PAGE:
Some things cannot be unremembered. Such is the case with Tom Daly’s memoir of love gone really, really bad. Readers will doubt if the events that take place could actually be true and this is the epistemological crux of the endeavor. One begins to think that the Marquis de Sadian undercurrent serves as a metaphor for a cryptic something else: unbridled obsession, ecstatic passion, the Romantic Ideal, but at book’s end we fear it is not and take the account for its word.
And the words are shocking to mildly put it. What unveils through the course of the narrative is a Manson-esque torture scenario that is artfully explicated. We never clearly understand why the antagonist, Carol, does what she does. All we do know is what she inflicts on the author without ever completely getting at her raison d’etre.
This fact is a bit unnerving. She, as a character, remains an enigma. A femme fatale for sure, she warps the mind and emotions of our very reliable narrator to the point to which we palpably feel his pain and, like the victim, are not sure exactly what to do with such suffering.
The setting is 1970s [San Francisco] East Bay – specifically the ’burb of Concord, and the milieu is one of a sort of post summer-of-love youth culture who are trying to define meaning in the open-book phase of American history. What results is their struggles somewhere between romance and angst and California’s interpretation of bohemianism turns out to be an exercise in no-holds-barred cruelty. And there is no attempt to follow Shakespeare’s dictate that includes an element of kindness.
As far as the form itself is concerned, the memoir reads more like a novel. There is little reflection in a philosophical memoirist sense that attempts some learned perspective concerning the twisted love story. Readers will be either perturbed by this or will welcome the dry, matter-of-fact reportage of a remembrance of what even might be termed mental rights violations. The story unfolds with great honesty and Daly’s voice is remarkably one that is not tinged in bitterness or retribution. That just might be the unspoken lesson learned.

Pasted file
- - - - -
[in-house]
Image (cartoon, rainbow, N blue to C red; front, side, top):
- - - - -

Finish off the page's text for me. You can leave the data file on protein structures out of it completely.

Part psychological thriller as the dust jacket indicates, part murder mystery without a literal murder, Don’t Make Me Cry is a tale that proves for an eternity that the weirdness of our society often apexes in the sunny little corners of suburbia. In fact, the book has a distinct Blue Velvet feel to it – like Lynch’s film, the monstrosity in Daly’s book arises subtly and cloaked in the outer guise of normality.
This book is an unsettling, nightmarish, yet concurrently calm and lucid account of what perhaps is the scariest of all terrors: the trust we have in a loved one violated and morphed into utter madness with the insanity distilled in both the victim and the perpetrator’s mind as some form of diabolical love.
Philip Kobylarz is a Freelance Writer and Cultural Critic in the San Fransisco Bay Area. His work has appeared in Paris Review, The Iowa Review, and Best American Poetry. His first book, Rues, from Blue Light Press of San Francisco is now available on Amazon.